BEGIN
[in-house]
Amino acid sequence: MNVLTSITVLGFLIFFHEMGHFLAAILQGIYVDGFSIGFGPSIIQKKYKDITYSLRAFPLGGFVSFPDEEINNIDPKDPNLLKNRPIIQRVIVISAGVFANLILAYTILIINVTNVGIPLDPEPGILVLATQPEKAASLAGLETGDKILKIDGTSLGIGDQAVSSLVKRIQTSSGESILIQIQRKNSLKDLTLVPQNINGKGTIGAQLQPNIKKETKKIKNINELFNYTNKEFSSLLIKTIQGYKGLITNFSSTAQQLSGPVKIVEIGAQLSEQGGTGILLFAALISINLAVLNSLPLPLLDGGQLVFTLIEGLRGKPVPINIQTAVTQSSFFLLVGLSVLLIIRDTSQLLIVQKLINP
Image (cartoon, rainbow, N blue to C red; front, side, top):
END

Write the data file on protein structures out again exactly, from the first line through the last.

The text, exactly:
[in-house]
Amino acid sequence: MNVLTSITVLGFLIFFHEMGHFLAAILQGIYVDGFSIGFGPSIIQKKYKDITYSLRAFPLGGFVSFPDEEINNIDPKDPNLLKNRPIIQRVIVISAGVFANLILAYTILIINVTNVGIPLDPEPGILVLATQPEKAASLAGLETGDKILKIDGTSLGIGDQAVSSLVKRIQTSSGESILIQIQRKNSLKDLTLVPQNINGKGTIGAQLQPNIKKETKKIKNINELFNYTNKEFSSLLIKTIQGYKGLITNFSSTAQQLSGPVKIVEIGAQLSEQGGTGILLFAALISINLAVLNSLPLPLLDGGQLVFTLIEGLRGKPVPINIQTAVTQSSFFLLVGLSVLLIIRDTSQLLIVQKLINP
Image (cartoon, rainbow, N blue to C red; front, side, top):